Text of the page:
Through extremely stylized Art Deco sets, and cinematography comparable to Wes Anderson’s The Grand Budapest Hotel, Tiong Bahru Social Club is an extraordinary watch. Straight from Singapore’s own Bee Thiam Tan, we are thrown into a vibrantly dystopian and satirical world. It’s like no other.
Tiong Bahru Social Club explores Ah Bee’s (Thomas Pang) journey through a monitored happiness camp. He has been living with his mother, Mui (Guat Kian Goh), for all of his life, and upon turning 30, his mother gives him a membership for the Tiong Bahru Social Club. Mui believes that Ah Bee’s career must come first, and the only way to do that is to be placed into this technologically advanced happiness group to better himself. Ah Bee’s happiness levels are constantly monitored. His happiness score flashes up for him, so he can constantly see how he is doing.
Pang is phenomenal in this role and in general, there’s so much beauty and passion within each of the characters involved. For a second, you almost believe this camp is real as they give such convincing performances. We’re constantly reflecting on each other’s happiness levels, even doing surveys to find out which countries are the happiest in the world. The general meaning behind the film doesn’t stray too far from our own thoughts and feelings, but the stylization of it all makes it seem like some crazy dystopian reality.
In some sense, it does feel somewhat similar to a Black Mirror episode. Being tracked on happiness to this extent is right out of an Orwellian novel. You do need your privacy. Within the Social Club, it’s the members’ choice to be there, so they aren’t being forced to be a part of it. But if an idea like this came to play in real life, it definitely would feel otherworldly. The film understands the inherent absurdity of the situation too. The characters know they are being monitored and make fun out of it.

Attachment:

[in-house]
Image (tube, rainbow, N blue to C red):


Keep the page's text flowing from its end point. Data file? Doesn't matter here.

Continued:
Some of the shots within Tiong Bahru Social Club are extremely stunning. All of the buildings involved feel almost surreal. But, they are real buildings in Singapore, making it all feel so authentic. Many shots have gone through color grading to get the wonderful blue or yellow hues throughout, but it all comes together so well. The soundtrack too pulls everything together so cohesively, making the watch feel so flawless. It’s incredibly well planned out from start to finish.
Strangely, it feels comforting in some ways. Tiong Bahru Social Club is a must-watch.
For more information on Tiong Bahru Social Club and other films playing at the Fantasia Film Festival, check out their website.
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